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IMF and the ideal of accountability

The international lending agencies are often under criticism that they dole out loans to developing countries while foregoing due diligence of the systems set-up for the transparency of purposeful utilisation of loans in public interest. Many developing countries under financial distress approach bilateral lenders for bailouts. The economies of Europe and Japan collapsed in the aftermath of World War II. They both received IMF and World Bank funding. India, in 1991, went almost bankrupt and reached out to the IMF for a bailout. They all availed the loan from lenders and diligently carried out reforms and restructuring of their systems and processes and honestly injected the loans into their economies to enhance their revenue and pay back the lenders. Having done that they never looked back at the IMF for further lending and their economies blossomed thereafter.

This has not happened in Pakistan in its chequered history of over 70 years – except for a few years of twilight. The loans largely supported fiscal deficits, incompetence, needs of the vested interests in the shape of subsidies for the elites, etc. As a consequence, Pakistan’s economy remained vulnerable while the nation became a perpetual loan seeker from lenders such as the IMF, World Bank, ADB, friendly countries and from wherever it could lay its hand on. It has now almost reached its peak when, except IMF, all institutional and friendly lenders walked away sending the message to first set its own house in order.

The IMF has so far has advocated a standard prescription to overcome the financial deficit by enhancing utility tariffs, increase in fuel prices, withdrawal of subsidies from all segments of society and more of similar measures that hit the common man, trade and industry and sustained bad governance. The IMF seldom reprimands the government on lack of transparency in utilisation of its loans in public interest. As a departure from its past practice, in the current IMF programme, the lender has opted to venture into transparency in utilisation of its bailout money and touched on issues never dared to be raised.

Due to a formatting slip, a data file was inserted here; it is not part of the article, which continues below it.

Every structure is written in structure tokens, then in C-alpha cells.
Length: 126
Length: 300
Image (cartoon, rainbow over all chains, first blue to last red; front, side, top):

The Fund laid out the condition of “ Sharing of Declaration of Assets of Civil Servants “ whereupon the Federal Board of Revenue (FBR) this week hurriedly issued an S.R.O., notifying “Sharing of Declaration of Assets of Civil Servants Rules, 2023” for sharing of information between the FBR and the banks on the assets of civil servants in BS 17 -22. The bank shall provide bi-annual feedback on the use of information received by the bank as well as on the outcome of CDD in terms of the success of new accounts opened and how the information helped the bank in building its client relationship. This may provide some transparency and money trails so often contested in court of law between contesting parties.

The IMF also dug deeper into transparency in the power sector of the country and grilled the power division to get down to the bottom of the issues. The IMF wanted to recover the full cost of electricity and if the government wanted to give subsidy it should be targeted, covering only the needy. The government would have to impose additional taxes as the gap between revenue and expenditure is widening day by day largely due to incompetence, bad governance and lack of checks and balances in the system. The Fund intends to have a closer check on it.

The IMF also had a detailed look into the circular debt that has crippled the fiscal health of the country. It has rejected Pakistan’s circular debt management plan submitted by the government. It asked Pakistan to plug unbudgeted Rs675 billion power subsidies with a mix of electricity tariff increase and other revenue enhancing measures, while finding serious deficiencies in the revised Circular Debt Management Plan (CDMP) of Rs952 billion. It also asked Pakistan to withdraw the unbudgeted electricity subsidies for exporters and other sectors, according to sources privy to the ongoing discussions. Circular debt is not a financial issue. It is a governance issue where the entire supply chain is riddled with bad governance. The IMF needs to have a closure look on the governance and transparency aspect of the circular debt.

The role of the regulators of the country is politicized and compromised.  Accountability and a system of check and balances in state governance is non-existent. In the system of flawed state governance it will continue to be one IMF programme after another. It is most unlikely that the country managers will ever put the house in order. The IMF, like any other lenders, has a legitimate role and stakes to ensure that there are systems and processes in place which guarantee optimal utilisation of its funds and pay back. It needs to do more in laying out conditions to close the gaps of fund leakages.

Farhat Ali, "IMF and the ideal of accountability," Business recorder. 2023-02-05.
Keywords: Economics , Public interest , World war , World Bank , Federal Board , Supply chain , Pakistan , IMF , FBR , CDMP , CDD

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